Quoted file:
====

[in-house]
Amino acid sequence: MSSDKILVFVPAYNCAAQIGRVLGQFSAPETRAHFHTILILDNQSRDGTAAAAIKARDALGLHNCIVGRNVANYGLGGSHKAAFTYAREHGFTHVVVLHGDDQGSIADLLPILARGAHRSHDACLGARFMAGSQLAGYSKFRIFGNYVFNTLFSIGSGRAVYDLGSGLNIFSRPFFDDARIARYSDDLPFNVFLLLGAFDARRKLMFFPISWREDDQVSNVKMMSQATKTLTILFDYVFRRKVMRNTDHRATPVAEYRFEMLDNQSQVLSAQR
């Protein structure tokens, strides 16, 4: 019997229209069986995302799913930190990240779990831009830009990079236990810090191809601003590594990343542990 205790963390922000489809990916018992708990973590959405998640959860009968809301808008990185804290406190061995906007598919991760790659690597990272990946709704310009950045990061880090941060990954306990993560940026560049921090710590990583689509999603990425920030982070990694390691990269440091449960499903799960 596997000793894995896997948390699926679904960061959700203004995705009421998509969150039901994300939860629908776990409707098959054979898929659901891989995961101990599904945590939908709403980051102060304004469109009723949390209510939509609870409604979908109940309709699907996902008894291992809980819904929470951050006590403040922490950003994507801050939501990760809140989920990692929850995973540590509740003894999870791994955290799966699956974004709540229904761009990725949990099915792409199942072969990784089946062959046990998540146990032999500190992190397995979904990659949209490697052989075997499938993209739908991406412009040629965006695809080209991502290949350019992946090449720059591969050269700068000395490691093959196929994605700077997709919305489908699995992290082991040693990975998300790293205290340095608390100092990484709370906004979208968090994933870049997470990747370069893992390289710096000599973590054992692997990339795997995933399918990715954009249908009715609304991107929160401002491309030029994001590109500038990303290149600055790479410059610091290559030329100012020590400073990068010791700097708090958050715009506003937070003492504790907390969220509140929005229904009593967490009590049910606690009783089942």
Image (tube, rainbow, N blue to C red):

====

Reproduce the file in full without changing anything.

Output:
[in-house]
Amino acid sequence: MSSDKILVFVPAYNCAAQIGRVLGQFSAPETRAHFHTILILDNQSRDGTAAAAIKARDALGLHNCIVGRNVANYGLGGSHKAAFTYAREHGFTHVVVLHGDDQGSIADLLPILARGAHRSHDACLGARFMAGSQLAGYSKFRIFGNYVFNTLFSIGSGRAVYDLGSGLNIFSRPFFDDARIARYSDDLPFNVFLLLGAFDARRKLMFFPISWREDDQVSNVKMMSQATKTLTILFDYVFRRKVMRNTDHRATPVAEYRFEMLDNQSQVLSAQR
């Protein structure tokens, strides 16, 4: 019997229209069986995302799913930190990240779990831009830009990079236990810090191809601003590594990343542990 205790963390922000489809990916018992708990973590959405998640959860009968809301808008990185804290406190061995906007598919991760790659690597990272990946709704310009950045990061880090941060990954306990993560940026560049921090710590990583689509999603990425920030982070990694390691990269440091449960499903799960 596997000793894995896997948390699926679904960061959700203004995705009421998509969150039901994300939860629908776990409707098959054979898929659901891989995961101990599904945590939908709403980051102060304004469109009723949390209510939509609870409604979908109940309709699907996902008894291992809980819904929470951050006590403040922490950003994507801050939501990760809140989920990692929850995973540590509740003894999870791994955290799966699956974004709540229904761009990725949990099915792409199942072969990784089946062959046990998540146990032999500190992190397995979904990659949209490697052989075997499938993209739908991406412009040629965006695809080209991502290949350019992946090449720059591969050269700068000395490691093959196929994605700077997709919305489908699995992290082991040693990975998300790293205290340095608390100092990484709370906004979208968090994933870049997470990747370069893992390289710096000599973590054992692997990339795997995933399918990715954009249908009715609304991107929160401002491309030029994001590109500038990303290149600055790479410059610091290559030329100012020590400073990068010791700097708090958050715009506003937070003492504790907390969220509140929005229904009593967490009590049910606690009783089942």
Image (tube, rainbow, N blue to C red):